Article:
History of FarajanThough the pueblo boasts of its medieval past, from the earliest times man took a great interest in the hilltop of El Romeral. A signpost today leads the explorer up to a Neolithic dolmen (burial site) and other evidence has come to light suggesting that the hill was inhabited by the later Bronze Age Iberians. Local historians further believe the site was still inhabited in the early Roman period, which is feasible.
MoorishDuring the Moorish period, the municipal district contained the separate Moorish communities of Balastar and Chucar. The hilltop of Cerro de los Castillejos, in the south of the district bordering Juzcar was almost certainly the site of a Moorish lookout tower (atalaya). At the time of the Reconquest in 1485, the three communities all had healthy populations. The first written evidence of the social structure comes from the military census of 1492, when the area was referred to as the District of Havaral. Whether Havaral refers to a lost major village or to a local leader is not clear. However, the census does give us an idea of the population in the area around the time of the Reconquest. It is interesting to note that when the pueblo surrendered, its inhabitants contained both Christian slaves and Jews, who were the powerhouse behind the production of silk in the region.
At the time of the first military census, Farajan had a head of household count of 60, with a sizeable population of over 175. The deserted village of Chucar had 45 households housing 140 inhabitants, making it almost as equal in importance. Balastar or Albalastaz was smaller, with 52 inhabitants. The census actually recorded the number of houses, which was high when compared against the actual population. This suggests that numbers were already falling by this time.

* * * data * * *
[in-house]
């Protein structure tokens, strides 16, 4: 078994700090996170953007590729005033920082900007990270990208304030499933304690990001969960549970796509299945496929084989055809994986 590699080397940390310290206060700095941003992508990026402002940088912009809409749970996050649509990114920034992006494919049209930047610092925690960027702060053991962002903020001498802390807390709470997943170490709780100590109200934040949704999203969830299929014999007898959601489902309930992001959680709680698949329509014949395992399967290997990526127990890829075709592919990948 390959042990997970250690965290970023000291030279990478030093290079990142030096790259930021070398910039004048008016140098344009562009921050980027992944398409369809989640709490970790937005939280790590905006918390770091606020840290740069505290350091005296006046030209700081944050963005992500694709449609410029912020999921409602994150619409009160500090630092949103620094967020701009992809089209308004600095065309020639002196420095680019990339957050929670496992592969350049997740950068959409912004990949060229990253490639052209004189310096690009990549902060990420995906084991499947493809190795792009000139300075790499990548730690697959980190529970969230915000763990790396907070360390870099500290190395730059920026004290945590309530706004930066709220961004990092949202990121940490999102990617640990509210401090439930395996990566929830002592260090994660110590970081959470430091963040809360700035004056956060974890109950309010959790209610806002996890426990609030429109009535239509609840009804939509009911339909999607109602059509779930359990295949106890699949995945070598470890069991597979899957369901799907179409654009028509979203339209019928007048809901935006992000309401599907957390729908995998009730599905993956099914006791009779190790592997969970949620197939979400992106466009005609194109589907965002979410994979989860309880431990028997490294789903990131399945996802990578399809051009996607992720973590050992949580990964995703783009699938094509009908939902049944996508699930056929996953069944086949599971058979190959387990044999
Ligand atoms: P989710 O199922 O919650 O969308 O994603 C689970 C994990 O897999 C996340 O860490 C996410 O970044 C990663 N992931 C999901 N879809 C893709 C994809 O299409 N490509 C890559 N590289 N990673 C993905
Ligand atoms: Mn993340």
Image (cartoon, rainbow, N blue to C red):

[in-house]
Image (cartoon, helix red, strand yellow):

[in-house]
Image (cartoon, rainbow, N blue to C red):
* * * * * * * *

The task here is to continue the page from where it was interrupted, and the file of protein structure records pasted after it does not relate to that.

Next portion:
A further census in 1501 did not record any residents for Chucar or Albalastar (note the change of spelling) and Farajan had shrunk by almost 50 per cent to 33 households. A crude calculation suggests that out of the possible population of 750, a deficit of nearly 500 people had occurred in a nine-year period. It is possible to conclude that the Moors were made landless and only the more reliable ones, such as the Morisco converts, were herded together into the pueblo of Farajan under the authority of the Crown. The others were probably sold into some form of serfdom and, as we discovered, over a hundred-year period the outlying villages were erased from the landscape.
A legend survives from this period of a Morisco who controlled the flow of water from the mountains to Chucar and Balastar. He lived by a spring and depending on how well he was treated by the two communities his reward was to divert more water. Chucar is on the other side of the Río Genal and its location may have been to deter possible post-Reconquest settlers. In actual fact, the two communities who compared notes on the water supply after 1485 are Farajan and Alpandeire. The latter apparently was not as fortunate as Farajan, as the springs can dry up in the late summer.